The Other Side of the Wall by Munther Isaac

Posted on May 16, 2020

 

by Munther Isaac, author of The Other Side of the Wall

Excerpt:

“I am an Arab Palestinian Christian. For many, being a Christian and an Arab (let alone Palestinian) is an oxymoron! Many times in the past, when I introduced myself to a Western Christian, I would get the question “When did you convert?”—assuming that, as an Arab, I must have been Muslim. However, Arab Christianity is not the invention of yesterday. In fact, Arab Christianity predates Islam! The church in the East has a long and very rich history. There were Arab Christians in the very first ecumenical council of churches in Nicaea in 325 CE. In addition, there have been many profound Arab theologians and apologists throughout the centuries—though one is very unlikely to hear or read about them in Western seminaries and Bible schools.

“It is important here to distinguish between Arab and Palestinian and to make clear why I will use the terms Palestine and Palestinian to refer to my land and its people for the majority of this book. Being “Arab” has more to do with belonging to a particular culture, heritage, and language than it does with being the descendants of the ancient tribes of Arabia. Some who would be considered Arab are descendants of these ancient tribes; however, most are not. An Arab is “a person who speaks Arabic as a first language and self-identifies as Arab.” Arab identity is defined solely by culture rather than ethnicity or religion.

“A Palestinian is not an invention of recent history, though many contend (“convincingly”) with this fact. For them, the term Arab instead of Palestinian is used almost exclusively in political rhetoric surrounding Palestine/Israel to refer to previous inhabitants of the land (Palestinians). However, prominent Palestinian historian Nur Masalha describes the binary of Arab versus Jew in this context as terribly misleading considering that Palestine, until the arrival of European Zionism in the twentieth century, consisted of Arab Muslims, Arab Christians, and Arab Jews. He further elucidates that “the idea of a country is often conflated with the modern concept of ‘nation-state,’ but this was not always the case and countries existed long before nationalism or the creation of meta-narratives for the nation-state.” In short, the historical concept of Palestine existed prior to the modern-day understanding of a nation and has continued to shift and evolve throughout history.Furthermore, Masalha contends that Palestinians have always had a sense of identity that they have related to descent from the geopolitical region identified as Palestine for the last millennia. This was prior to, yet helped shape, the modern concept of a Palestinian nationality, which developed in the late nine-teenth and early twentieth century, as articulated by Masalha and others, most notably Rashid Khalidi. I use the terms Palestinian and Palestine in this book as both a cultural and geopolitical identity. This Palestinian national identity rooted in the land of Palestine (most of which is now considered Israel) developed in the late nineteenth to early twentieth century yet also has origins in historic notions of Palestine as a country/people.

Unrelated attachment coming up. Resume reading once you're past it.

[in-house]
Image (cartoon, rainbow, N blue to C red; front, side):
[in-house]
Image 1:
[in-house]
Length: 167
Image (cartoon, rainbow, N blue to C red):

“While I understand it is not conventional for most Christians to refer to this land as Palestine, I invite you to challenge yourself with the alternative perspective I present in this book. In referring to this land as Palestine, I am not confronting Israel in a negating way. And as I will argue at the conclusion of this book, it is my hope that Palestinians and Israelis will one day share this land. Simply put, I am articulating my existence as I have known it and as I and my people think of ourselves–we are Palestinians. I invite you to step into my shoes, and the shoes of countless Palestinian Christians, and seek to better under-stand my experience and my faith. I ask this of you, not because my experience needs to be at the forefront of any conversation regarding Christianity and the land, but because as siblings in Christ, our journeys and existences are inherently intertwined with one another.”

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